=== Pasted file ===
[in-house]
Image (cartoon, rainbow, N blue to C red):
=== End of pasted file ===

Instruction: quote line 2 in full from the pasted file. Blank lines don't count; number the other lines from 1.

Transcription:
Image (cartoon, rainbow, N blue to C red):